HomeCommunityPigeon racing hobby has John soaring

Pigeon racing hobby has John soaring

Pigeon racing
John Ivich with his favourite prize racing pigeon.

Birds of a feather don’t just flock together, they race together – well at least that’s the case for John Ivich and his more than 100 racing pigeons.

The 56-year-old has only been pigeon racing for four years but has already secured the title of Bundaberg Racing Pigeon Club champion.

“It’s awesome,” John said.

“I’ve been wanting to do it all my life.”

While he is competitive by nature and quietly chuffed with his championship title, John said pigeon racing was only a hobby.

“It’s just a friendly thing,” he said.

“We enjoy our birds, we love our birds.

“Some of them are so cute, like the white ones and they’ve got different colours.”

The Bundaberg Racing Pigeon Club has about 16 members who regularly race.

The intelligent birds are taken to a starting location and tasked with finding their way home.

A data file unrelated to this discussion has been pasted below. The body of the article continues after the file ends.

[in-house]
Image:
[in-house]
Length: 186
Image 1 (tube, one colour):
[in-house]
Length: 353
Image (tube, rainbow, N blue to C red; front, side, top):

John said they were fitted with a “little chip” when they were younger which records their flight time and official arrival time when they return to their home base.

“They just want to get home to you.

“That’s the beauty and that’s why I love them so much.

“You sit and wait for it and see them coming over the horizon and it’s awesome, hey.

“That’s what you train them to do, it’s their safety zone.”

The passionate pigeon fancier said the intelligence of the birds made them easy to train for the sport.

“What you do, before you train them, you let them out every afternoon and they fly around your house.

“Eventually they get higher and higher.

“They spot features like roads and rivers and that’s what they follow.

“As they get fitter, they fly 5km away and get to know their surroundings, then 10 km and next time 20-30km away.

“Our races start off short and teaches the birds the line.

“They’re smart birds, they know where the sun comes up.”

In 2020 the longest pigeon race local members participated in launched from Townsville.

“You’d be looking at about 900km,” John said.

“If they fly into the wind it’s harder for them obviously but if they’ve got the wind behind them, they’ll come back the same day.”

John expects to race about 120 pigeons this year in addition to his roughly 60 breeding birds.

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